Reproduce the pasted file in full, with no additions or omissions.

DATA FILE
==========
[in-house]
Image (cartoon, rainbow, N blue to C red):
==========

[in-house]
Image (cartoon, rainbow, N blue to C red):